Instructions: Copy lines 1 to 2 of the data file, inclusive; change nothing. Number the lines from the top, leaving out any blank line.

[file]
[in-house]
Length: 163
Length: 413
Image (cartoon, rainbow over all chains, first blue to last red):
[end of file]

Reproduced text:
[in-house]
Length: 163